### Y = svkbrlvpnzanczyqzaX → ---ba---n-an---aY → svkbrlvpnzanczyqzaX = banana

1 deletion, 7 insertions, 1 substitution 12 insertions, 1 substitution

9 13

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𝑚,𝑛

### for aligning two sequences

Cost = #insertions × 𝐶INS + #deletions × 𝐶DEL + #substitutions × 𝐶𝑝,𝑞

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Subproblems

SA(i, j): sequence alignment between prefix strings 𝑥1, … , 𝑥𝑖 and 𝑦1, … , 𝑦𝑗

Goal: SA(m, n)

Optimal substructure: suppose OPT is an optimal solution to SA(i, j), there are 3 cases:

Case 1: 𝑥𝑖 and 𝑦𝑗 are aligned in OPT (match or substitution)

OPT/{𝑥𝑖, , 𝑦𝑗} is an optimal solution of SA(i-1, j-1)

Case 2: 𝑥𝑖 is aligned with a gap in OPT (deletion)

OPT is an optimal solution of SA(i-1, j)

Case 3: 𝑦𝑗 is aligned with a gap in OPT (insertion)

OPT is an optimal solution of SA(i, j-1)

Sequence Alignment Problem Input: two sequences

Output: the minimal cost 𝑀𝑚,𝑛 for aligning two sequences

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### Suppose OPT is an optimal solution to SA(i, j), there are 3 cases:

Case 1: 𝑥𝑖 and 𝑦𝑗 are aligned in OPT (match or substitution)

OPT/{𝑥𝑖, , 𝑦𝑗} is an optimal solution of SA(i-1, j-1)

Case 2: 𝑥𝑖 is aligned with a gap in OPT (deletion)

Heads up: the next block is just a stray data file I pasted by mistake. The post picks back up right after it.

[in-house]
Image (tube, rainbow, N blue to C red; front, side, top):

OPT is an optimal solution of SA(i-1, j)

Case 3: 𝑦𝑗 is aligned with a gap in OPT (insertion)

OPT is an optimal solution of SA(i, j-1)

Sequence Alignment Problem Input: two sequences

Output: the minimal cost 𝑀𝑚,𝑛 for aligning two sequences

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Bottom-up method: solve smaller subproblems first

X\Y 0 1 2 3 4 5 n

0 1 : m

Sequence Alignment Problem Input: two sequences

Output: the minimal cost 𝑀𝑚,𝑛 for aligning two sequences

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Bottom-up method: solve smaller subproblems first

X\Y 0 1 2 3 4 5 6 7 8 9 10 11 12

0 0 4 8 12 16 20 24 28 32 36 40 44 48

1 4 7 11 15 19 23 27 31 35 39 43 47 51

2 8 4 8 12 16 20 23 27 31 35 39 43 47

3 12 8 12 8 12 16 20 24 28 32 36 40 44

Sequence Alignment Problem Input: two sequences

Output: the minimal cost 𝑀𝑚,𝑛 for aligning two sequences

a e n i q a d i k j a z

b a n

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Seq-Align(X, Y, CDEL, CINS, Cp,q) for j = 0 to n

M[j] = j * CINS // |X|=0, cost=|Y|*penalty for i = 1 to m

M[i] = i * CDEL // |Y|=0, cost=|X|*penalty for i = 1 to m

for j = 1 to n

M[i][j] = min(M[i-1][j-1]+Cxi,yi, M[i-1][j]+CDEL, M[i][j-1]+CINS)

Bottom-up method: solve smaller subproblems first Sequence Alignment Problem